Michael LeRoy, who teaches collective bargaining and sports at the University of Illinois, said that market conditions between the men’s and women’s sports are vastly different. LeRoy pointed to a high-profile case brought by Marianne Stanley, the women’s basketball coach at the University of Southern California in the early 1990s, who argued she should be paid at a level equal to the men’s coach. Her legal effort was unsuccessful.
“They have to prove equality of work and market conditions, and it’s such a rigid legal requirement,” LeRoy said of the women’s soccer players.
While women have often been dismissed in international soccer — the men’s World Cup began in 1930 and the women’s not until 1991 — they have become the sport’s standard-bearers in the United States. The women’s team has provided the type of repeated success that has remained elusive for the American men. Not so long ago, a woman, Mia Hamm, may have been the best-known soccer player in the country.
When Hamm and her teammates won the 1999 World Cup in the United States, they also set records for attendance and television viewing. Last summer, when the United States defeated Japan to win another Women’s World Cup, the final was seen by 25.4 million viewers on Fox — a record for a men’s or women’s soccer game on English-language television in this country.
“We have been quite patient over the years with the belief that the federation would do the right thing and compensate us fairly,” said Lloyd, the most valuable player of the Women’s World Cup.
Although only five players signed the complaint, they said they were acting on behalf of the entire women’s team, saying they are all employees of U.S. Soccer through their national team contracts. That is significant, according to Peter Romer-Friedman, the deputy director of litigation for the Washington Lawyers’ Committee for Civil Rights.
“By speaking up publicly, the players are saying, ‘It’s important for the public to know that we’ve filed this suit,’ ” Romer-Friedman said. “Frankly, as a civil rights lawyer, it is important for them to speak out because it has an educational effect.”
The filing of the complaint was the latest move in an increasingly contentious legal fight between U.S. Soccer and the women’s national team, which is favored to repeat as Olympic champion at the Rio Games in August but has long grumbled about its pay, working conditions and travel and hotel arrangements.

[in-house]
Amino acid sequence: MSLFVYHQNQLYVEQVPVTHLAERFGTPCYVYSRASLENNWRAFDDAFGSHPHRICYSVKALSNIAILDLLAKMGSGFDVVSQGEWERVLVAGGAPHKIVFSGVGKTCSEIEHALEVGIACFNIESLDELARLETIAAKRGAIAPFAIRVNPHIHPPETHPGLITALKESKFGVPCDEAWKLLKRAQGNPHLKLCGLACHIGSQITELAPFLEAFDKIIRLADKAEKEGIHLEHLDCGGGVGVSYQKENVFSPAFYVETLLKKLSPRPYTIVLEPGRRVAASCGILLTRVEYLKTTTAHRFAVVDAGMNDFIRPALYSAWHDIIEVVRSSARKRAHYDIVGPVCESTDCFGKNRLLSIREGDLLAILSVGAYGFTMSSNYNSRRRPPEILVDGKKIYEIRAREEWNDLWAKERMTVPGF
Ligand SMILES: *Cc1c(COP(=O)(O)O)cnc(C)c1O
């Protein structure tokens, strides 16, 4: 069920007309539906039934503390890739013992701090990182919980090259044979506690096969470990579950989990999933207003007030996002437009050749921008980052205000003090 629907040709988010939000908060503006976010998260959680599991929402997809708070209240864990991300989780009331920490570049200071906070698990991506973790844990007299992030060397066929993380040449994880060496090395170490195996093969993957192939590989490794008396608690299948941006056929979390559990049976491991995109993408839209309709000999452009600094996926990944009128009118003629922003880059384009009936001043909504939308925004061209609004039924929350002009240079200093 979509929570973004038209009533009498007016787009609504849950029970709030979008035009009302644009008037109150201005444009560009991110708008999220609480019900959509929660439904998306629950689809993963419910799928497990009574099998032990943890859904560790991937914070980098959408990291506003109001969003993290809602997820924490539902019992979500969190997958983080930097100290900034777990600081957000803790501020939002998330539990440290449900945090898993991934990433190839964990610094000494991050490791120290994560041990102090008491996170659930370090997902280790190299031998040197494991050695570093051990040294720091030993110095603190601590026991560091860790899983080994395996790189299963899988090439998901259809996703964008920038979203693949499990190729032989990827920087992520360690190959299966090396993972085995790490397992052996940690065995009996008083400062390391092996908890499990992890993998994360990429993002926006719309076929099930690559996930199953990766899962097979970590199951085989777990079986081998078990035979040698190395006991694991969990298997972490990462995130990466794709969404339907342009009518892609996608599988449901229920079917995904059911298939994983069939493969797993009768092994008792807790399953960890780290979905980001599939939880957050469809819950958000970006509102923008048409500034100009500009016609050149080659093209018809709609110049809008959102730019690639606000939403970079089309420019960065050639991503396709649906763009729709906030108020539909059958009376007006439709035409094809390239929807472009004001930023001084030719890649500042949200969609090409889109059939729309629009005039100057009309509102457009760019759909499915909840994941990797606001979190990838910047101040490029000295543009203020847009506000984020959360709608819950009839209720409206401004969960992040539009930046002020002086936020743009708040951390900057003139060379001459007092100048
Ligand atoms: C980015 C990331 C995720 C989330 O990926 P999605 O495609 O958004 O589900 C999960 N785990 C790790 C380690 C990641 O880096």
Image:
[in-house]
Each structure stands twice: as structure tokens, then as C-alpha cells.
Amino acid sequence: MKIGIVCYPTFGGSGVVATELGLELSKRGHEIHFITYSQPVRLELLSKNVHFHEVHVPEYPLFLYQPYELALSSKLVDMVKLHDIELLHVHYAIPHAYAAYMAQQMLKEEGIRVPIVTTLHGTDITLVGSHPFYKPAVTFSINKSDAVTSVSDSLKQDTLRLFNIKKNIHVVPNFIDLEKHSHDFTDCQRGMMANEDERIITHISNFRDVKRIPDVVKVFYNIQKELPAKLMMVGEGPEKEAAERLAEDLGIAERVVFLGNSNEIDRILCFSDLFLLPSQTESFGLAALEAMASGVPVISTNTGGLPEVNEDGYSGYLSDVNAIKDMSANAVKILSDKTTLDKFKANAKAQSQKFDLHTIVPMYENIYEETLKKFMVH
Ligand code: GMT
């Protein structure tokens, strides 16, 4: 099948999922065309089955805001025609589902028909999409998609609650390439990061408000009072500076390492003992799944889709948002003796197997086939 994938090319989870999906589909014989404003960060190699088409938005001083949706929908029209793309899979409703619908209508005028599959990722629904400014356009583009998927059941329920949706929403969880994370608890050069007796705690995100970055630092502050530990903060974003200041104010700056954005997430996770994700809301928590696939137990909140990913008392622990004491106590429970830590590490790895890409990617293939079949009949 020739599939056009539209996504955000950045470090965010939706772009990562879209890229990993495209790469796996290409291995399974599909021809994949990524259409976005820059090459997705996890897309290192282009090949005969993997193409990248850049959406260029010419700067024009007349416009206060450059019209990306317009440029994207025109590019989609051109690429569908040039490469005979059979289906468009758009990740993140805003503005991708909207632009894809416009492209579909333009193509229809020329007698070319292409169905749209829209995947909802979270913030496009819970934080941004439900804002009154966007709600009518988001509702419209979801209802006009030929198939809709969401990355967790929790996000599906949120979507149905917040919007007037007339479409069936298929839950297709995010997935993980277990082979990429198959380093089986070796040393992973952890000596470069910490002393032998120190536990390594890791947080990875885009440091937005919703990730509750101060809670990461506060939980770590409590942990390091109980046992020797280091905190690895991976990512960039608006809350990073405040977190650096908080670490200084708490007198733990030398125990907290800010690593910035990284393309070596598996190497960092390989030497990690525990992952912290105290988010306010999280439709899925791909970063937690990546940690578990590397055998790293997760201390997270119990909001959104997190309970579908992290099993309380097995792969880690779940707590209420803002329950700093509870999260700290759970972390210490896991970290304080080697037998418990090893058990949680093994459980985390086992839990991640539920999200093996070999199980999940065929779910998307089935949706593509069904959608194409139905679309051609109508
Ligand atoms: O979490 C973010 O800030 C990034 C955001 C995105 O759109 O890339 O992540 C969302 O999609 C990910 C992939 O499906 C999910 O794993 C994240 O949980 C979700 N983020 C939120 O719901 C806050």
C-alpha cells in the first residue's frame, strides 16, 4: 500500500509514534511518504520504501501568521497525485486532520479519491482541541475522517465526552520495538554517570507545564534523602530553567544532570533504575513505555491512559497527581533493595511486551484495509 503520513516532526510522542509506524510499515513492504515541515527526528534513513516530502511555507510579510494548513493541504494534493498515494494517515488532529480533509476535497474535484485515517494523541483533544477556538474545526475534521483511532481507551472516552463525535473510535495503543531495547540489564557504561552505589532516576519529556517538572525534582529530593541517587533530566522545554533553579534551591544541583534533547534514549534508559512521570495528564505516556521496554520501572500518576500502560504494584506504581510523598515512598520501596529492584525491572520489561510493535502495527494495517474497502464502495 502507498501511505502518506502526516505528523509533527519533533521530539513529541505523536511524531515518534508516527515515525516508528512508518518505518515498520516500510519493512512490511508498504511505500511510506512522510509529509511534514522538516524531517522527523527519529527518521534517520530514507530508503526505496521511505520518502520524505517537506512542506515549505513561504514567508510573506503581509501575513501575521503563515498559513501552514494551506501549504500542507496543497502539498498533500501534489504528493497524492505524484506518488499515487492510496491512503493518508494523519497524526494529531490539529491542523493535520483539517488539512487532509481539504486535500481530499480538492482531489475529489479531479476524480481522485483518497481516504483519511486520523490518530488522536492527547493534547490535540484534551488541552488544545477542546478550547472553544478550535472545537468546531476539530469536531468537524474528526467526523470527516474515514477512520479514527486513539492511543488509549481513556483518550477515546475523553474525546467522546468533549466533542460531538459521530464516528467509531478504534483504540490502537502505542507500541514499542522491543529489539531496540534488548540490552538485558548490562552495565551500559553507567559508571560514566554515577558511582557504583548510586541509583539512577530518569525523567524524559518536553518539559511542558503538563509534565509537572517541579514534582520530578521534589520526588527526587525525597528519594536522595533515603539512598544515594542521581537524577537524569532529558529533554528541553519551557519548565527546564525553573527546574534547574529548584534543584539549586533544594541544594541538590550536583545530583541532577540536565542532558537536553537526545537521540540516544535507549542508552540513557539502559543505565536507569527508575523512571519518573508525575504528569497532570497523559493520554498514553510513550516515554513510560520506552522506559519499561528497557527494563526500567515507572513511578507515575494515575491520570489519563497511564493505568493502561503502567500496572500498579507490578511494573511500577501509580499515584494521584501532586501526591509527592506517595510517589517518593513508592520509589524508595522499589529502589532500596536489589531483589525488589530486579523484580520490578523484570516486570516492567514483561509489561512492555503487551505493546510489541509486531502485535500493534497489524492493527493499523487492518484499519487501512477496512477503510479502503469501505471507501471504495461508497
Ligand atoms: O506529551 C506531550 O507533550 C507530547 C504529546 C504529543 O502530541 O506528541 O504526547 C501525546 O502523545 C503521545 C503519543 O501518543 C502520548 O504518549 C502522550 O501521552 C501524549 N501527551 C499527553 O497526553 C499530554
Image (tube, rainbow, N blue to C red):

The long-simmering feud boiled over after last summer’s Women’s World Cup triumph. A match in Hawaii that was part of the team’s victory tour was canceled when the players refused to play on an artificial-turf field they deemed unsafe. Gulati later apologized for the situation.
Two months later, the disagreement veered into federal court when U.S. Soccer took the unusual step of filing a lawsuit against the national team’s players’ union as part of a dispute about the validity of the players’ collective bargaining agreement. The federation contends the agreement, which expired in 2012, lives on in a memorandum of understanding the sides signed in early 2013. The union contends it does not.
In response to the complaint filed Wednesday, U.S. Soccer argued that not only was the players’ pay collectively bargained, but that the players had insisted more than once on a salary-based system as a means of economic security over the bonus-centric plan the men work under. Russell Sauer, the outside counsel for the federation during labor talks, also said the women’s labor contract included provisions — severance and injury pay, health benefits and maternity leave, for example — not available to the men’s team.
“The truth is,” Sauer said, “the players are claiming discrimination based on a more conservative structure, based on guaranteed compensation rather than pay to play, which they themselves requested, negotiated and approved of not once, but twice.”
Furthermore, U.S. Soccer noted, a major source of revenue and contention — World Cup prize money — is determined by FIFA, world soccer’s governing body, not the federation. But the women’s complaint seems to take aim at a bigger share of domestic revenue, like sponsorships and television contracts, and U.S. Soccer financial reports hint at a richer future involving the team: The federation’s budget projections for 2016 include $2.3 million for a 10-game victory tour after this summer’s Olympics.